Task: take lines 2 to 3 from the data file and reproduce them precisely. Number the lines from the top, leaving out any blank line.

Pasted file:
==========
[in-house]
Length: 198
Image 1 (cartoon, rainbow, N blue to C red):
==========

Length: 198
Image 1 (cartoon, rainbow, N blue to C red):